Food Safety for Operators

Training Overview

Although the United States has one of the safest food supplies in the world, foodborne illness still poses a major risk to the population. In Massachusetts, the local board of health (LBOH) and the health department grant permits and conduct inspections of retail food establishments to ensure their compliance with food regulations and laws. Retail food operators and employees are on the front line of food safety and are responsible for following safe food practices. They work together as partners with members of LBOH to provide safe food to consumers. This training will provide food safety information to food operators (permit holders and employees) whose food establishments are governed by State Sanitary Code 105 CMR 590.000, Chapter X – Minimum Sanitation Standards for Food Establishments.

Enroll To receive a certificate of completion. This requires registration to establish a learner profile and completion of pre- and post-tests
Course Table The Audit function is no longer available. However, all job aids are still available for viewing via the course table.

What you’ll learn

After completing this training, you will be able to:

  • Define a food establishment according to 105 CMR 590.000 (590)
  • Give examples of each category of food hazard
  • Summarize the six conditions that allow pathogens to grow
  • Identify five risk factors that contribute to foodborne illness, five control measures, and six good retail practice measures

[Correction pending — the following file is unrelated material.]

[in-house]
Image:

• Name the regulations that govern food establishments and eight retail food processes that require a HACCP plan
  • Describe a routine LBOH inspection

Important Note: This training is not a substitute for food protection manager certification.

Subject Matter Experts

  • Diane Bernazzani
    Retail Food Safety & Training Coordinator
    Massachusetts Department of Public Health

  • Kathleen MacVarish
    Director of Practice Programs at the Activist Lab
    Boston University School of Public Health
  • Disclaimer

    This training was supported by the Massachusetts Department of Public Health (MDPH) with funds made available by the Grant or Cooperative Agreement Number 2B010T009024-15, funded by the Centers for Disease Control and Prevention. Its contents are solely the responsibility of the authors and do not necessarily represent the official views of the Centers for Disease Control and Prevention or the Department of Health and Human Services.
    This project is/was supported by the Health Resources and Services Administration (HRSA) of the U.S. Department of Health and Human Services (HHS) under grant number UB6HP27877 “Regional Public Health Training Center Program.” This information or content and conclusions are those of the author and should not be construed as the official position or policy of, nor should any endorsements be inferred by HRSA, HHS or the U.S. Government.